While writing The Portal & the Panther, I started to wonder if anyone else was writing YA books about shapeshifters. That’s how I came across Leopard Moon by Jeannette Battista. I went on to read the first three books in the series, all of which I thoroughly enjoyed. Best news: Leopard Moon is a free book.
Kess is a young wereleopard on the run. At first, the reader doesn’t know who she’s running from or why, only that she hasn’t been able to stay in one place for quite some time. Gradually we learn that it’s her own brother, Sekhmet, she’s running from, also a wereleopard.
In the beginning of the book, Kess runs from the West Coast back to the East, winding up in a small mountain town in Western North Carolina. She gets a job as a waitress and finds a room at an old-fashioned boarding house.
Before long, Kess catches the eye of Cormac. She doesn’t know it yet, but Cormac is also a werecreature; in his case, his whole family is composed of werewolves.
The story goes on from there, with Kess and Cormac’s relationship gradually evolving, Sekhmet continuing to chase her, and Kess trying to figure out how to carve out some stability in her life.
There were a few things I really liked about Leopard Moon and the subsequent books in the series. First — and maybe this is because this book is technically more “new adult” than “young adult” — I like that Kess and Cormac don’t have it easy in their relationship. Real-world relationships are messy and filled with ups-and-downs, and it always bugs me when I read a YA book in which Prince Charming sweeps the Heroine off her feet and everyone lives happily ever after.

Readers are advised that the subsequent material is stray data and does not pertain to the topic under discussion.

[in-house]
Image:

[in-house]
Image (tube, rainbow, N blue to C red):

It’s not like that with this werecouple. Kess has some pretty serious baggage to overcome, and Cormac has his work cut out for him to figure out how to get close to Kess without frightening her away.
It was also a nice touch that Kess is a “cat person” and Cormac is a “dog person.” You know what I mean by this. (If you don’t, you should totally check out the video below.)
Kess wants her space, her privacy. She also wants to take things at her own pace. Cormac is affable and warm-hearted, always prepared to give (and receive) more affection. He has to learn how to work with Kess’ temperament if their relationship is going to function.
Besides the messy relationship between Kess and Cormac, the other theme running throughout this book is — brace yourself for this — sexual abuse. This is another “real-world issue” that is rarely addressed in YA and NA genres, yet it’s something that affects millions of people. As the book goes on (and this isn’t a spoiler because it comes out quite early in the story), the reader learns that the reason Kess is running from Sekhmet is that he has an unhealthy fixation on her and tried to rape her. That’s also one of the reasons Kess has such a hard time letting down her guard with Cormac. Kess’ PTSD over the incident with Sekhmet is something she has to work through and process throughout the course of the book (or really books, since the theme of abuse continues into future novels).
…and the Bad
If I had a complaint about this book, it would be that Sekhmet is a little “too” evil. I like my bad guys a little nuanced, and Sekhmet really isn’t. He’s fixated on Kess, he’s fixated on power, and that’s it.
In later books, I feel that Sekhmet gets fleshed out a little more and he becomes, if not likable, then at least mildly sympathetic. He ends up getting painted as someone more mentally ill, maybe bipolar, than “evil” per se. But in book one, you don’t see much of that.
Throughout the series, Battista struggles here and there with typos and tense changes, but for the most part I didn’t find it a big distraction. I’m willing to forgive indie authors their typos as long as the story’s good, and this one certainly is.
Look, I’m generous. I wouldn’t review a book at all if I didn’t think it was worth the read. And I’m not stingy with the stars, so…
0.5-star off for typos and other errors
Otherwise: 4.5 stars